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Dean’s Letter

Dear Friends of the Krieger School:

Dean Adam Falk photo

Adam Falk

It is an honor to write to you as the new James B. Knapp Dean of the Krieger School of Arts and Sciences. I look forward to working with the entire Krieger School community to see to the continued excellence, strength, and growth of the school.

Doing so will mean adhering faithfully to our creed: to choose carefully what is worth pursuing, and then do so without compromise. In view of the school’s current strengths and challenges, over the next few years we must attend to a number of interrelated areas: the continued pursuit of academic excellence, improving the undergraduate experience and attending to campus infrastructure needs, and nurturing a community of diverse learners, scholars, and alumni. (You can read more about these priorities in this news story.)

Supporting our work in the humanities will be a core focus of my deanship, as well as the school’s ongoing fundraising campaign. I am delighted to report that we are finally moving forward with the renovation of Gilman Hall, the school’s flagship building and home to most of the humanities departments. We have selected an architect for the project and expect construction to begin early next year. The renovation is a major component of the school’s fundraising campaign, as are increased endowments for professorships, graduate fellowships, and undergraduate financial aid.

At the same time, we continue to think creatively about the experience of our undergraduates in the humanities. It is essential both to provide exciting academic programming and to nurture the community of humanities students on what is an admittedly science-intensive campus. Our recently instituted Gilman Courses in the Humanities give students the opportunity to explore the offerings of Gilman Hall under the guidance of some of the school’s—indeed, the fields’—most distinguished scholars. Each semester, two Gilman courses, open to all undergraduates without prerequisite requirements, highlight exciting teaching across the breadth of the humanities disciplines. By the end of this calendar year, we will have offered eight such courses, and I could not be more pleased with the program’s success.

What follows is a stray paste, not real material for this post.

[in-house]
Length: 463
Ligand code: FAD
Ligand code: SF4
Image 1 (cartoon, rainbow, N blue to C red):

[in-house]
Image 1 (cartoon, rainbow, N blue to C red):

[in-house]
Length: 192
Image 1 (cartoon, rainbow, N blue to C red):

We are also developing a new program in Museums and Society, an interdisciplinary initiative that will examine the role of museums and cultural institutions in connecting the scholarship of the humanities fields with our broader society. We envision new courses and internship opportunities along with a formal minor, which we will begin offering in the coming academic year. This is an exciting development that we hope to cover in detail in a future issue of the magazine.

Meanwhile, this issue in many ways highlights exactly the kind of scholarship and community I hope to foster as dean. In celebration of the Mattin Center’s fifth birthday, we have composed a photo essay that shows the incredible array of activities to which the student arts center plays host. Feature stories on Dave Smith, the Elliott Coleman Professor of Poetry and chairman of the Writing Seminars Department, and Assistant Professor Erin Chung, holder of the Charles D. Miller Professorship in East Asian Politics, connect us to the very different worlds of poetry and politics, inspiring a love of language and challenging conventional attitudes about diversity, citizenship, and identity. I hope you enjoy reading the stories as much as the magazine’s staff has enjoyed preparing them.

All the best to you for a peaceful and happy spring and summer.

Sincerely,

Adam Falk
James B. Knapp Dean

 

 

SPRING/SUMMER 2006
Features
The Mattin Center at Five Years
Rethinking Citizenship
In Search of Poetry

 

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